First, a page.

Ο World Health Organization (WHO) warns people all over the world about a new one Phishing campaign who uses it coronavirus to get the attention of the victims. According to the organization, the attackers send phishing emails claiming to come from the WHO. Target is η theft information and money of the victims and h malware installation at Appliances their.
WHO has learned about phishing emails that are trying to take advantage of the critical situation with the coronavirus.
Phishing emails are supposedly sent by people in the organization and ask for them victims to provide some personal information such as usernames and passwords access. These items are usually fake sites, which are led through links in the email. The attackers may also ask the victims to open malicious attachments containing malicious payloads.
How to protect yourself from phishing campaign on him coronavirus?
"If you contact a person or organization that appears to come from the WHO, check its authenticity before you answer ", says the WHO.
How is this done?
- Check it out email adress- WHO addresses use the email@example.com template.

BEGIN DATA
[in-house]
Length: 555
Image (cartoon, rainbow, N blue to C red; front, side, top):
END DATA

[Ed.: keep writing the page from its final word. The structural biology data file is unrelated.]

- Check them out left-wing contained in the emai. Do not open the link directly. Check it out at browser you.
- Never give out your personal information to third parties
- Do not panic. Think before you do anything. Attackers aim to stress you out and make you act immediately, without thinking.
- If you provide sensitive information, do not panic. Change them immediately credentials your
- If you perceive a scam, report the incident to the address https://www.who.int/about/report_scam/en/.
Hackers are always finding ways to exploit emergencies. The WHO had said at the end of January that the situation with the new coronavirus was critical.
At the beginning of the month, its security team Sophos discovered phishing emails from this campaign, which were allegedly containing attachments related to meters security for coronavirus.
The attackers were asking the victims to lower the attachment to him computer by clicking on a button that says "Security Measures". This "click" led them to a phishing page.
This page appeared as the official site of the WHO. There was a pop up in front of him asking for his verification e-mail.
Other researchers have found attacks which used Remote Access Trojan (RAT), Trojan, stealer / keylogger and wiper.
Lastly, the coronavirus has been used for realization misinformation campaigns.